Hugh Chignell con British Radio Drama, 1945-63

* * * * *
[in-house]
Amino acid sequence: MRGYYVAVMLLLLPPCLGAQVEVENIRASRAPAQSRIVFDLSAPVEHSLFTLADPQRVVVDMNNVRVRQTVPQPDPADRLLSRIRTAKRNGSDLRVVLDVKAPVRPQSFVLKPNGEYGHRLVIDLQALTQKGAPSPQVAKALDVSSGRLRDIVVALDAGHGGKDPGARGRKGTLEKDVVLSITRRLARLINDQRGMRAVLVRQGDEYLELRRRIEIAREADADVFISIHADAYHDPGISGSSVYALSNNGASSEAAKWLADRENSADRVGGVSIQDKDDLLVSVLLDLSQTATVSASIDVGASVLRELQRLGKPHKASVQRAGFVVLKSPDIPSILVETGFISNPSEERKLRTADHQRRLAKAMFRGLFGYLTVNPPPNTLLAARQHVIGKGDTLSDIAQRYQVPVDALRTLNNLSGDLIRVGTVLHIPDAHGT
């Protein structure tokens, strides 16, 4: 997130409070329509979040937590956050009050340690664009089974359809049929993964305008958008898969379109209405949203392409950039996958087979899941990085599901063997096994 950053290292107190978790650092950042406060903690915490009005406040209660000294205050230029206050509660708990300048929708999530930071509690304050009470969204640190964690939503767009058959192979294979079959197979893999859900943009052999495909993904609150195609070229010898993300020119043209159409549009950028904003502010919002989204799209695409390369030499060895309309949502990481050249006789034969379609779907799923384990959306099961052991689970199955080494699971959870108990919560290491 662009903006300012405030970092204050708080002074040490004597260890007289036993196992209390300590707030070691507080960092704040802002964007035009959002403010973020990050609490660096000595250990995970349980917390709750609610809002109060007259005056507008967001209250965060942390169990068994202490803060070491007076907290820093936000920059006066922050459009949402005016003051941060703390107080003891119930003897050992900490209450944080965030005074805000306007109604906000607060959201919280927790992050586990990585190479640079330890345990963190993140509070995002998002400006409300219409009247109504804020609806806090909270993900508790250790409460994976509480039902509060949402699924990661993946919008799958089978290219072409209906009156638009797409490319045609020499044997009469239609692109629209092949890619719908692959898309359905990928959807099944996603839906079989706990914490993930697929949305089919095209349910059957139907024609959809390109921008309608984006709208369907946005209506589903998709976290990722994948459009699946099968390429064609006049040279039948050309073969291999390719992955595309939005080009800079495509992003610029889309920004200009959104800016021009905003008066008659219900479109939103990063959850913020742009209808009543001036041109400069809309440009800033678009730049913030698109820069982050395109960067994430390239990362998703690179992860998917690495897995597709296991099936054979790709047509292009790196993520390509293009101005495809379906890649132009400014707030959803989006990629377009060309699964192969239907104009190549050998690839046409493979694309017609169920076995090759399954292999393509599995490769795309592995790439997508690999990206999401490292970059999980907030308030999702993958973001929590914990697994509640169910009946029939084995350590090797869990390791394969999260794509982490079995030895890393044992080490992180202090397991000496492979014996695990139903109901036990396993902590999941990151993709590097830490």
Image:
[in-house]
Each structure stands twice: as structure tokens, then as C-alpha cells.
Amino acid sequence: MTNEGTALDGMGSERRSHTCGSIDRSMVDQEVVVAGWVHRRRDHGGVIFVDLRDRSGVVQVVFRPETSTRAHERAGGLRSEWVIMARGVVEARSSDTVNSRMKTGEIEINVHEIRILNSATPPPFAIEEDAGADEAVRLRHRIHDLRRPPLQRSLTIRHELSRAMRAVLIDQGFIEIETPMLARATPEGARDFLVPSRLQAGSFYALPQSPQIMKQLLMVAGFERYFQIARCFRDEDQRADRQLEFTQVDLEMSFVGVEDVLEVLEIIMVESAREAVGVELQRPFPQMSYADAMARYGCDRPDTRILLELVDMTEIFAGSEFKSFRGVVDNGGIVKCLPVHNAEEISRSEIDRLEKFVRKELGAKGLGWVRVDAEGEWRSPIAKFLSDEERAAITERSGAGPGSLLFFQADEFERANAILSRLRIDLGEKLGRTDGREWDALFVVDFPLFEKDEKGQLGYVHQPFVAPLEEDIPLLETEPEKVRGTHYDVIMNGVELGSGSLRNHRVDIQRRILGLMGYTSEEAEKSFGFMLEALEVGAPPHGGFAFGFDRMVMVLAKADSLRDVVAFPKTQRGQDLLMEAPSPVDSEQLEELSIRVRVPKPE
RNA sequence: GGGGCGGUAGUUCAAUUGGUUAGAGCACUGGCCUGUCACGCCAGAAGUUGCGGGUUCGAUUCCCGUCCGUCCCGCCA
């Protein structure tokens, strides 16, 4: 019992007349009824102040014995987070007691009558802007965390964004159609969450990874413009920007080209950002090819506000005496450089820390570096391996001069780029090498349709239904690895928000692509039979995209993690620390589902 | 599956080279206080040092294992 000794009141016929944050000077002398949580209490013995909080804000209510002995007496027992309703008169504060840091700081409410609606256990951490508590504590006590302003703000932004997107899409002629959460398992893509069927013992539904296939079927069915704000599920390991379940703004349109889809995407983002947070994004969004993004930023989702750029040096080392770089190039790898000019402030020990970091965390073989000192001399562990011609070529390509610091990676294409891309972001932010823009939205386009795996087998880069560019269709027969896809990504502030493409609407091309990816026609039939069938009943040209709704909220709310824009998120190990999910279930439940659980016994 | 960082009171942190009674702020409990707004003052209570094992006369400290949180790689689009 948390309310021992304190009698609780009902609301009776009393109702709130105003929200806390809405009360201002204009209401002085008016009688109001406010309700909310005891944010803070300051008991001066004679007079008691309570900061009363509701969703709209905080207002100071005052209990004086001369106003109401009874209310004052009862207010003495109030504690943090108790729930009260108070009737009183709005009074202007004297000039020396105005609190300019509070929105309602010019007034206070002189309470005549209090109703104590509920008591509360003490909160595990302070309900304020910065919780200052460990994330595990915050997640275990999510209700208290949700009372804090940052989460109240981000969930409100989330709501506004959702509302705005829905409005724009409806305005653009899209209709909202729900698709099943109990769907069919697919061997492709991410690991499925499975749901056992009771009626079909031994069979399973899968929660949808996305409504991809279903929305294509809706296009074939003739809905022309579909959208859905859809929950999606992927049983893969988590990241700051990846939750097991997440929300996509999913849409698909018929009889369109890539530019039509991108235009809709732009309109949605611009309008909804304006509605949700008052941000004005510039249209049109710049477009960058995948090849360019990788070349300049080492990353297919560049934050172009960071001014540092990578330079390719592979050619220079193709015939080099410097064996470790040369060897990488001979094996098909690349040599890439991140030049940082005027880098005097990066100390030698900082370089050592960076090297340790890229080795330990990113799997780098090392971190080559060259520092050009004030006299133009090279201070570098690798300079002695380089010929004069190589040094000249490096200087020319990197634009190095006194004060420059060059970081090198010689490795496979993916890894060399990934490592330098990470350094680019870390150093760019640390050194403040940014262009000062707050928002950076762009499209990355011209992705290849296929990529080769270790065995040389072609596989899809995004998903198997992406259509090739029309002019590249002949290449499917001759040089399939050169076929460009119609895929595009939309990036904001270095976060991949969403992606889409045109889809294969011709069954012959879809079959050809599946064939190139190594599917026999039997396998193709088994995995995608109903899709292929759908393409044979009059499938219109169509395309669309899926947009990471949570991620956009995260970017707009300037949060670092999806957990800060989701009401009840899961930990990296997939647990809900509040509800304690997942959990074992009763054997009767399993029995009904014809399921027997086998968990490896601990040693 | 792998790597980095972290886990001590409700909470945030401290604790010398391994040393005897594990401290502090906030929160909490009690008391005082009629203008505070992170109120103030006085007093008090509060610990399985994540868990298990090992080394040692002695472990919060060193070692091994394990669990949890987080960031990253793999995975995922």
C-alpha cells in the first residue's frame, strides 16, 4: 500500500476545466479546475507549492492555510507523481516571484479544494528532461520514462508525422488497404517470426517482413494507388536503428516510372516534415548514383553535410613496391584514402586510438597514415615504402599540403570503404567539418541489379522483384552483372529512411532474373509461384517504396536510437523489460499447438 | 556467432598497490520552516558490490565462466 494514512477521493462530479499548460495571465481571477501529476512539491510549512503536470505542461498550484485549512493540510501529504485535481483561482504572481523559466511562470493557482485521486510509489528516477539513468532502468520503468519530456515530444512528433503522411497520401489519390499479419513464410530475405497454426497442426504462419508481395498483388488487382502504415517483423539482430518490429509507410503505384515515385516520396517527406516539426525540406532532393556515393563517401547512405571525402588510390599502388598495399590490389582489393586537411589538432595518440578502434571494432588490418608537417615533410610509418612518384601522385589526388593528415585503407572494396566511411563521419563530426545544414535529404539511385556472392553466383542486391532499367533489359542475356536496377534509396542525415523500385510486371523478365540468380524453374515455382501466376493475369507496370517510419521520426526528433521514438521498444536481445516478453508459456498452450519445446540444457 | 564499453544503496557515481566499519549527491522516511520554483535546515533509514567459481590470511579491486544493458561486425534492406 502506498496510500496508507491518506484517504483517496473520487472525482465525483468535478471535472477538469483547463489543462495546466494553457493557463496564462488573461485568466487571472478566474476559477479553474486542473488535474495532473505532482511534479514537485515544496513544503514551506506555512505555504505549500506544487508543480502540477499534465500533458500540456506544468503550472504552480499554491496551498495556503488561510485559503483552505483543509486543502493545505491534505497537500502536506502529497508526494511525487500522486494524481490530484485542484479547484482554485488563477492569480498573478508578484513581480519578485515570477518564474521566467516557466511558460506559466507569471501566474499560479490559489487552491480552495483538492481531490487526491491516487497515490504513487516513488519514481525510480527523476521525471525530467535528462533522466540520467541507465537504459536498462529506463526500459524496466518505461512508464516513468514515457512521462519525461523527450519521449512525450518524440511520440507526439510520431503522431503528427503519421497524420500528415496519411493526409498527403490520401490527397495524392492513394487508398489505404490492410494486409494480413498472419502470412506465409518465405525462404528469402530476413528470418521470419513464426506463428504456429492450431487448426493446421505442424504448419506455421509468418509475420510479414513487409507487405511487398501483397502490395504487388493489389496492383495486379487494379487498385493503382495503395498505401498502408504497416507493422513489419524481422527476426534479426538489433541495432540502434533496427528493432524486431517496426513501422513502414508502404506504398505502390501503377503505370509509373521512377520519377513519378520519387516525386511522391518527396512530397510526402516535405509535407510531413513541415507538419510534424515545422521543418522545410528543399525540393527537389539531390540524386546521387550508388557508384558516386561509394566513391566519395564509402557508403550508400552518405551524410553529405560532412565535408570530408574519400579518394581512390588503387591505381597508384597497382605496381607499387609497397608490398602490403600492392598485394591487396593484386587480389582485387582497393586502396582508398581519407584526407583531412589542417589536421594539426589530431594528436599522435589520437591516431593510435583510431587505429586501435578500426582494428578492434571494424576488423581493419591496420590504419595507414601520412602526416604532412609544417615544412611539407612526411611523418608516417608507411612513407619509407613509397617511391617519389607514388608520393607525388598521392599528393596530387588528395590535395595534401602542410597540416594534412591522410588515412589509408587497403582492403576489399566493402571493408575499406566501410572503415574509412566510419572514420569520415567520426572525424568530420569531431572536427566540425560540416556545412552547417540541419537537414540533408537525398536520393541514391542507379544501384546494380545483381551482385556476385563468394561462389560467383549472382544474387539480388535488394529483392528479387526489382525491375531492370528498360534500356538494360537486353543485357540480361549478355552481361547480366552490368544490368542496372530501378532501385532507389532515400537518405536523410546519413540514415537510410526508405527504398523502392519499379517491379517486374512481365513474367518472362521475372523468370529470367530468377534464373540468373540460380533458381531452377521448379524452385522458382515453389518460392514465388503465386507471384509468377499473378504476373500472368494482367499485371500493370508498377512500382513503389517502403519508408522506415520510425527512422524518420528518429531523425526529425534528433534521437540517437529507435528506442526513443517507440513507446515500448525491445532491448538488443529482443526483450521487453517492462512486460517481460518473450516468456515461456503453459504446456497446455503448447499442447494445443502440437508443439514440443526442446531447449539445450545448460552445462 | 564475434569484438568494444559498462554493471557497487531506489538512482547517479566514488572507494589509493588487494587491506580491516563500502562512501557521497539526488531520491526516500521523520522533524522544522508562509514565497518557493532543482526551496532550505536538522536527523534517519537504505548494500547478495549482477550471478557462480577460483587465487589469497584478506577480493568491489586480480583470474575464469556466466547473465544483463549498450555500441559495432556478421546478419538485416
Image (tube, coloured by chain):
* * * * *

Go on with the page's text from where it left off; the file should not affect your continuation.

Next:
British Radio Drama, 1945-1963 reveals the quality and range of the avant-garde radio broadcasts from the 'golden age' of British radio drama. Turning away from the cautious and conservative programming that emerged in the UK immediately after World War II, young generations of radio producers looked to French theatre, introducing writers such as Samuel Beckett and Eugene Ionesco to British radio audiences. This 'theatre of the absurd' triggered a renaissance of writing and production featuring the work of Giles Cooper, Rhys Adrian and Harold Pinter, as well as the launch of the BBC Radiophonic Workshop. Based on primary archival research and interviews with former BBC staff, Hugh Chignell places this high-point in the BBC's history in the broader context of British post-war culture, as norms of morality and behavior were re-negotiated in the shadow of the Cold War, while at once establishing the internationalism of post-war radio and theatre.